Rockweed, as a result of the boy’s death, now had a smell to it, a new smell but a rotten smell, and a new fever. All of it kept trying to make way in Rench Lester’s mind as he sat on his porch serving up a wide view of the town. He could see the sheriff’s office and jail, the bank, the general store on the corner of the only cross road, the livery on the opposite corner, and the two saloons Rockweed supported, The Spur and Saddle and Margo’s Place, sitting directly across the street from each other. The blacksmith shop was behind the livery, on the cross road, and at times was busier than the bank or the store.
Lester, at a regular rest on the porch, kept wondering whether the cause of the boy’s death was a random, stray shot, a ricochet, or straight-out intentional killing. Chances of the latter were doubtful but the death set things loose in the town. Killing children had payments demanded of it. It just had to, and payment promised contagion.
Or Rockweed would never be Rockweed again.
On that same point, in the midst of that argument, Lester wondered about his own state of mind … where it had been, where it was going … and none of the answers came back to him in any hurry. He’d been a lawman for only a few years, knew many of the ins-and-outs, some of the shades and shadows of many town folk, but found no persistent dedication in himself in the face of many people too callous to care, or too lazy, or too hungry for their own good … while forgetting everybody else in between.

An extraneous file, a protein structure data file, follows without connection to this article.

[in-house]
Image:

Lester realized, on the day he quit the job, such thinking might eventually shape or change one’s character.
To him the problems around Rockweed had been the normal, but constant ones … every settlement had them one way or the other … but someone in or near the town had been instigating a whole new campaign of easy profit.
Lester, always curious about the human conscience, wanted to know who did not attend the burial services for the boy. He kept his eyes open and made mental notes.